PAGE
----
Reason #3 to vote #oklaed in #OKElections16: Janet and Friends
Two years ago, I made a list of the top 20 reasons to vote for anybody else other than Janet Barresi for state superintendent. At the end of the list, I also had a sizeable honorable mention list. We have two days left and I’m down to my top three reasons to vote for pro-public education candidates. I had better pick up the pace.
10. One person can’t fix bad education policy alone.
9. The people who hate us still hate us.
8. I’m tired of saying “only.”
7. This matters more than Trump vs. Clinton.
6. What if the Veep thing really happens?
5. We are the Blob. We must protect the Penny.
4. Paul Blair would make us miss Clark Jolley.
3. Janet Barresi and her friends won’t go away.
In August 2014, the Oklahoma Federation for Children supported six candidates in run-off elections for legislative seats. They won all six. From their press release:
Washington, D.C. (August 26, 2014) – The Oklahoma Federation for Children celebrated the results of tonight’s run-off election, as parents responded overwhelmingly in support of educational choice candidates. All six of the Oklahoma Federation for Children Action Fund supported candidates were successful and strongly believe in empowering parents through educational choice. The most closely watched race was between Melissa Abdo and Chuck Strohm. Abdo, the front runner and an unapologetic opponent of educational choice, was upset by pro-educational choice candidate Chuck Strohm.
The group is still involved in our legislative races. Here is a letter they sent to candidates in April:
The name at the bottom should sound familiar to you. Maybe this will help:
The one on the left is Jennifer Carter. The one on the right, of course, is Janet Barresi. Carter was Barresi’s campaign manager in 2010. She was Barresi’s first chief of staff. She has referred to a group of superintendents as “dirtbags,” and her husband writes editorials for the Oklahoman.
Here are a couple of attack ads by their group aimed at candidates in this year’s races:
The people out there who just hate public education because they think we’re indoctrinating the kids have always been there. They always will be. Then you have the Barresi crowd. They love to perpetuate the belief that schools are failing. They more they say it, the more their corporate partners can swoop in and take something.
They want vouchers. They want for-profit charter schools (which, for the most part, are different than the ones we have now). They want to label as many things as they can and create a system of winners and losers.
And they’re not the only ones. According to Oklahoma Watch, dark money is rampant in this year’s primaries:
Independent groups that seek to influence elections have spent more than $300,000 over the past five weeks on Oklahoma’s legislative and congressional primary contests.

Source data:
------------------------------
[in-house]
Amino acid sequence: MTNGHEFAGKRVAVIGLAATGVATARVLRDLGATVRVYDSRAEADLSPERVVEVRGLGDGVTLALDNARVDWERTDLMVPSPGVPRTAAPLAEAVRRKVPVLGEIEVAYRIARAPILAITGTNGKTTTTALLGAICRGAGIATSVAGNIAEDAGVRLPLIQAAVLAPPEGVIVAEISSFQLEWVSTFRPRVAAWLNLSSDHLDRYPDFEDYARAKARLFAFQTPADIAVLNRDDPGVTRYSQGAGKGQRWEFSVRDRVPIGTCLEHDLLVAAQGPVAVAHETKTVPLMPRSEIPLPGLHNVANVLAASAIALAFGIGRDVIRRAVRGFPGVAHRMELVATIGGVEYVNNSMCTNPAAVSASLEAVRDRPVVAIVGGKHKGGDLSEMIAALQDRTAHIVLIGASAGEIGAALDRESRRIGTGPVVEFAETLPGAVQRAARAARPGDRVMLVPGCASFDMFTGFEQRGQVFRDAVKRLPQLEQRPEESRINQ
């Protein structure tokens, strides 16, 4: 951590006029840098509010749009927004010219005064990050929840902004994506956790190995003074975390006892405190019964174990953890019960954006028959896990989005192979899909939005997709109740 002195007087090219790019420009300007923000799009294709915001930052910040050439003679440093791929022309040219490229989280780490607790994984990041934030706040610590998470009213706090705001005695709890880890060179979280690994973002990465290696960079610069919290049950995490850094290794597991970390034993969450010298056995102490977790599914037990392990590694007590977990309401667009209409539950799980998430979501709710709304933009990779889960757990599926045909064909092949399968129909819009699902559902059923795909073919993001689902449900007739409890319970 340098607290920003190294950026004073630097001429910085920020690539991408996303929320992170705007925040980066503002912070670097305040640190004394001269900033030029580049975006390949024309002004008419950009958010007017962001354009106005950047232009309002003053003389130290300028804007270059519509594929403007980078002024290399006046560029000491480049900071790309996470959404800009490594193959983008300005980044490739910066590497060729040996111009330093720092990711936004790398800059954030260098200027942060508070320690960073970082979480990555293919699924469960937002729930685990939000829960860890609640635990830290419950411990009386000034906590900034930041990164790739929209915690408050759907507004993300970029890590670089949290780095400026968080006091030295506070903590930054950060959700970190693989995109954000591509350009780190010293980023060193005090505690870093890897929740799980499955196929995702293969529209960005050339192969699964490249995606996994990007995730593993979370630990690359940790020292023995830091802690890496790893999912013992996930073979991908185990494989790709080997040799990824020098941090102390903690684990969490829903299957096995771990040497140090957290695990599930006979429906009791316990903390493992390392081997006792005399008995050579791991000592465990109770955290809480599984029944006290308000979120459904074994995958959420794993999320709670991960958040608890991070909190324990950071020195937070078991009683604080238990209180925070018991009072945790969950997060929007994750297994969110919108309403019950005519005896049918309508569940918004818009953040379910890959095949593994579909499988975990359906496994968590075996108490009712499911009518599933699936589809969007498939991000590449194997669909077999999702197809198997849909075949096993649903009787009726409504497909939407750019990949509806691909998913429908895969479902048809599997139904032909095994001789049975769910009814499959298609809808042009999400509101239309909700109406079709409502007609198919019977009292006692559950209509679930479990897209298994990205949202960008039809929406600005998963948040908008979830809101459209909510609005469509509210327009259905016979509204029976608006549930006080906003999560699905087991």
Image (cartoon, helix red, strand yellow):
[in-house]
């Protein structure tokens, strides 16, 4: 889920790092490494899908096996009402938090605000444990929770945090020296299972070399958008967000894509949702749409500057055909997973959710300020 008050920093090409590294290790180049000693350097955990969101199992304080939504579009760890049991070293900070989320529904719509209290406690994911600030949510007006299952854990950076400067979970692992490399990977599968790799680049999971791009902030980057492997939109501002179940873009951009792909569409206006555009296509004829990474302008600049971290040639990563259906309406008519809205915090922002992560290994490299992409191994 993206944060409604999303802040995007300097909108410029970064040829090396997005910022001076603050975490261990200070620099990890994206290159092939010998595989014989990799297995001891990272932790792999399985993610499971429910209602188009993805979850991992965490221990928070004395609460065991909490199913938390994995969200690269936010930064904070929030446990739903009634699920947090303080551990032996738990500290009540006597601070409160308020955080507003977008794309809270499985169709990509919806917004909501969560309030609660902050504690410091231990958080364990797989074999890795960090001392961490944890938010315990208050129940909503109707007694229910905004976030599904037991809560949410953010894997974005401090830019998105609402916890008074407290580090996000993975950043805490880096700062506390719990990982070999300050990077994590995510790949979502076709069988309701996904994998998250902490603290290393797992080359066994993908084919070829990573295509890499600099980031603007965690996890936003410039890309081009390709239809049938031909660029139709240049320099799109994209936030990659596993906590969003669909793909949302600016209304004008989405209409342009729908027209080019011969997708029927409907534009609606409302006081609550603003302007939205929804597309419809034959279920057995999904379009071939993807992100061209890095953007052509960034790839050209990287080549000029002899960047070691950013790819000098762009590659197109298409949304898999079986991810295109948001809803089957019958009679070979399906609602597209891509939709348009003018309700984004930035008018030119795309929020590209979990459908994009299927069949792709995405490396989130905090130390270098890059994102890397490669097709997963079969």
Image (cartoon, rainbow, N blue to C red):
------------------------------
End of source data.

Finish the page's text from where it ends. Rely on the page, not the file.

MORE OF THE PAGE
Since May 19, $300,716 in independent expenditures have been made to influence results in Tuesday’s election, Oklahoma Ethics Commission and Federal Election Commission filings show.
Of the four groups that have made independent expenditures on legislative primary races, an obscure nonprofit called Catalyst Oklahoma spent the most.
The organization, formed in October 2013, has spent $89,120 on advertisements, videos and phone calls in support of three Republican legislative candidates. This includes $17,500 in support of Bob Jack in Senate District 25, $32,500 in support of Julie Daniels in Senate District 29, $10,000 in support of Miguel Najera in the Senate District 21 and $29,120 in support of Tim Downing in House District 42.
The group is registered with the IRS as a 501(c)(4) social-welfare nonprofit and it identifies in its federal filings as a “nonpartisan organization dedicated to the promotion of pro-growth public polices based on the free market principles that are the foundation of a long-term vibrant economy for Oklahoma.”
Charles Sublett of Tulsa, a member of the Oklahoma Council of Public Affairs’ board of trustees, is listed as the president of the group. The organization’s 2014 tax return also names OCPA, a conservative think tank, as a “related tax-exempt organization.”
The tax form lists four contributors who have given $1.35 million, including one who gave $1.15 million, but the names have been redacted.
Well that’s lovely. Apparently OCPA has yet another tentacle (they might want to get that thing checked out). And they get to launder donations from millionaires, while the rest of us have to observe campaign donation limits. Different income strata, different rules I guess.
Politics has long been about money and about paying no attention to the person behind the curtain.I think we’re all used to it. That doesn’t excuse us from trying to educate ourselves.
For the record, one candidate opposed by both of these groups is Lisa Kramer in Senate District 25. The Tulsa World just endorsed her today:
Kramer is a rational conservative. She isn’t an ideologue determined to fight a social war in Oklahoma City. Rather, she’s a CPA and a mother who has been on the front line of trying to save public education and understands the state isn’t pulling its share of the load.
She favors prison reform, opposes vouchers, understands the role of charter schools and is willing to look at a variety of ideas — from reforming the way tax credits are distributed to how we fund health care — on the basis of what would be best of the state.
I love those words: rational conservative. Those are people I can get along with beautifully. Those are the candidates who put their constituents above their party. I guess that’s why Barresi and the OCPA oppose them.